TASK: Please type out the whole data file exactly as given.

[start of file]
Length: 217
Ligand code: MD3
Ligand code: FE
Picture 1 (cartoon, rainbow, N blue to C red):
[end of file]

Length: 217
Ligand code: MD3
Ligand code: FE
Picture 1 (cartoon, rainbow, N blue to C red):